Funk of Titans Review

I got an email telling me I had a review copy for Funk of Titans, an independent game for Xbox One. It was pitched as a platformer set in the funky world of Olympus, where Perseus, Zeus’s son, needs to fight against the evil powers of pop, rap, and rock music, and bring the funk back. Does that make sense? No? Well, there’s a lot of mismatched themes in Funk of Titans. Heck, it’s not actually a real platformer! But that last point is the most interesting part of Funk of Titans, and ultimately saves the game from complete obscurity.

What Funk The

Normally I start a review talking about the gameplay and what you can expect when you pick up the controller. However, I have to start here with the first thing I saw when I started Funk of Titans. It wasn’t, “Press the A button.” It was, “Press the button A.” Uh oh. That was actually a sign at the time, but I didn’t realize it.

Funk of Titans is about Perseus, the funky son of Zeus who looks like Samuel L Jackson, who has to rescue the funky land of Mount Olympus from the tyrannies of Pop, Rap, and Rock Music. It’s very hard to explain, to put it into words, but I will try. Imagine if a bunch of developers from an Eastern European country watched a bunch of 70’s blacksploitation films, and decided to make a theme about it. Imagine that they kind of missed the nuance that these films have, along with modern connotations and the luxury of hindsight. Now imagine their grasp of English is… “pretty good.” This is the presentation of Funk of Titans. Quite frankly it’s racist without meaning to be, and the dialogue is like English translated to something else and translated back to English. For all its talk about having a funky theme, it’s just superficial. Probably the biggest loss is that the music in this game is pretty uninspired. The music isn’t that funky. Not only that, the Pop, Rap, and Rock worlds don’t have anything to do with Pop, Rap, or Rock. There’s no musical influence from those genres ever. This was the easiest gimme this game had and it didn’t take it.

However the bonus levels are decorated with alarm clocks and bacon. Now THAT takes something special.


Though it is touted as a platformer, Funk of Titans is a free runner. If you’ve played Bit.Trip.Runner, you’ll understand what I mean. Perseus runs in a direction. You cannot control his speed. If you press X, you’ll use his sword to attack what’s in front of him. If you press A, you’ll jump, letting your momentum carry you. That’s it for the controls, except pressing the analog stick in any direction will let you say some inane chatter like “Shaba laba!”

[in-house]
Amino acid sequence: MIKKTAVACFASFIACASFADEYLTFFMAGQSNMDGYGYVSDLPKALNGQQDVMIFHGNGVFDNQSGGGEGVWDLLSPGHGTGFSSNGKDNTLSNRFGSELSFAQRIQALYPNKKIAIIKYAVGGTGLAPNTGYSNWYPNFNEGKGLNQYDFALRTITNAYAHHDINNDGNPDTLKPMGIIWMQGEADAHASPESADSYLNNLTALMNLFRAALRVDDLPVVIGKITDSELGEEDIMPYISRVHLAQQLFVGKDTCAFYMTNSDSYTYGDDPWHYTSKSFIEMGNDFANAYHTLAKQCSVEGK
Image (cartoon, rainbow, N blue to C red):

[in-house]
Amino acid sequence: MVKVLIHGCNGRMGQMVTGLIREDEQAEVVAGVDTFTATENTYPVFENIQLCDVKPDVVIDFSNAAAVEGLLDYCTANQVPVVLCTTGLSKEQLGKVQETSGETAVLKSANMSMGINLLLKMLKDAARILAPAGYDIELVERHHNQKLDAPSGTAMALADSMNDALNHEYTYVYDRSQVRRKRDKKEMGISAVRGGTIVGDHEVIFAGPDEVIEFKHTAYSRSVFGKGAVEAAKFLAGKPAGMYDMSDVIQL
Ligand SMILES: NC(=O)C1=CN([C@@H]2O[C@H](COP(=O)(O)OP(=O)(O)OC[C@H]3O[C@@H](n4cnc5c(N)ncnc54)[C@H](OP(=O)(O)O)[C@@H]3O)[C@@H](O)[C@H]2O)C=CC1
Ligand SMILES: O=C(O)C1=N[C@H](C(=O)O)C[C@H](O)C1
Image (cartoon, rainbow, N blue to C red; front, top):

The level design provides a variety of approaches if you keep an eye out.
The level design provides a variety of approaches if you keep an eye out.

Your goal in each level is simply to get to the end. You’ll have to jump over pits of spikes and fire, and slash through enemy gladiators to do so. There’s 100 golden vinyl records to collect in each level, along with a special Pegasus horse that if found, unlocks a bonus round. The Pegasus bonus level is whatever, but I have to say, the level design is actually well done. At first, it’s simple. The collectible golden vinyls litter the best possible path to follow. While at first you’ll simply have to react to dangers at a reasonable time, you’ll have to react faster and faster as you’ll be sliding down slopes, and on the lookout for more and more traps. The game will introduce more and more mechanics, such as wall jumps, and springs, without ever showing you a tutorial. Are you used to jumping on enemies to defeat them, and then getting a boost to paths above? Well hopefully you can see that guy has spikes on his head and not to jump on his head. It’s refreshing to not see a pop-up that says “HE HAS SPIKES ON HIS HEAD WATCH OUT GUY.” If there’s one thing I don’t like, it’s that the light sources really wash out the picture of the game, and it can be hard to see things.

Later on, you’ll get the opportunity to take alternate paths if you pay attention and use the environment creatively. These paths might lead you to more collectible vinyls or the Pegasus horse. Although sometimes, this horse will be behind some kind of gate that you’ll need a specific weapon to unlock. See, those vinyls you’ve been collecting are also currency that can be used to buy new weapons or headgear for Perseus. The purpose of all the different weapons, unfortunately, is to unlock these different gates. If you’re not trying to 100% this game, this is totally pointless. As it stands, it’s pretty annoying.

Rhythmless QTE Battles

A couple times in each world, you’ll have to do battle. These scenes happen by way of you pressing X, Y, A, or B as soon as the button flashes on the screen. That’s it. It’s uninspired and dumb. You don’t do it very often though. Okay, that’s the end of this section.

W(rap) Up

The presentation of this game is lacking and uncomfortably kind of racist in an unintentional and non-threatening way. It has an awesome musical setting that it just doesn’t take advantage of. As much as that may be the case, Funk of Titans is actually kind of fun, with very smart level design and pacing. If you can get past the ridiculously uneven outer layer, you might enjoy the creamy center.

Ted played through the entirety of World 1 and partially through World 2. He was given review code by the publisher.

6/10+ Really good level design
+ Intelligent pacing
– Presentation is off, to say the least
– Fight QTEs are dumb
– Unlock system is pointless

Available on: Xbox One

Version Reviewed: Xbox One

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